The Time Trap of Productivity

By A R  |  10 Feb 2022  |  well being, productivity, 

By Lawrence Yeo

If I were to sum up the culture of productivity in one sentence, that would be it.

"Everything we have belongs to others; time alone is ours."

The reason why time management software and note-taking apps are multi-billion dollar industries is because they help us manage the most precious resource we have. Even though we use money to gauge how we spend our time (hourly wages, rates, etc.), the reality is that there’s no adequate stand-in for it. This is why almost no one would trade places with 98-year-old Charlie Munger, despite all the wealth that would come with that identity switch.

I’ve written before that productivity is closely entangled with the fear of death. Without the awareness of our mortality, there may be no need for a shield to protect our hours from the onslaught of circumstance. If I spent an entire month distracted on social media but thought that the hourglass replenishes infinitely, it’s quite possible I wouldn’t feel bad about it. But because we recognize that our hourglass has a finite number of turns, we will bemoan that month as an epic waste of time.

Simply put, productivity is a set of systems or rituals that protect us from future regret. Whenever we use Pomodoro techniques or time blocking methods, we understand the truth of our distracted minds and introduce friction to combat the entropy of attention. And for the most part, it helps. We get a lot more done and feel better about ourselves for doing it.

But with that said, there’s an inherent stress that comes with it.

Anytime you try to control or reverse disorder, you introduce tension. This is true on a sociological level, where any attempt to organize people inevitably leads to rebellion. But more relevantly, it’s also true at the individual level, and is particularly poignant in our desire to control time.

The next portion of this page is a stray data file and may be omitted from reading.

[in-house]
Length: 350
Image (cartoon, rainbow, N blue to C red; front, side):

The fundamental tension is this: The more you view your time through the lens of productivity, the less you can see it through any other lens.

Burnout is often associated with working too much, but the real reason it happens is because you have defined yourself by what you produce. It’s not just the exertion of energy spent during your working hours, but the exertion of thought spent during the time you’re not working. It lives in the moment where you’re physically with your family, but mentally planning out what you need to do next. Or when you keep looking at the time when you should just be enjoying lunch.

One thing we often forget is that our measurement of time is a mere tool. We have minutes, hours, days, and so forth because they help us plan when to meet, work, and rest. We categorized time in this way to have it serve us.

But in a culture so focused on managing time, we have become subservient to it. By scheduling your day down to the last minute, you introduce an anxiety from managing your real-time progress to an imagined vision. Each glance at the clock fires off a thought about whether your day is going like it’s supposed to, or if you’re falling behind. This is a mind that always views the present through the lens of past and future, and can never be anchored in the “now.”

This is why I don’t have any productivity app to recommend or goal-setting framework to provide. Time management is important, but I feel that true exploration cannot exist within the bounds of time. It can only arise when you have clarity of mind, and that’s what I optimize for instead of scheduling out my day down to the last hour.

For me, it comes down to a few simple things: I go for a run every morning. I eat a light breakfast. I rarely drink on the weekdays. I meditate. I journal.

These are all things that aren’t defined by their time commitment. They’re not the answers one might want when asking about my productivity workflow, but that’s because it can’t be expressed as a neatly designed, well packaged app or interface.

Presence of mind is very difficult to cultivate within the bounds of man-made inventions. And that doesn’t just apply to productivity tools, but to the measurement of time itself.

The original post can be found here.

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